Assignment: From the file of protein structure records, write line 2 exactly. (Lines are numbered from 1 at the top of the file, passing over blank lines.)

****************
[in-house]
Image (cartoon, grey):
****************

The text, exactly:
Image (cartoon, grey):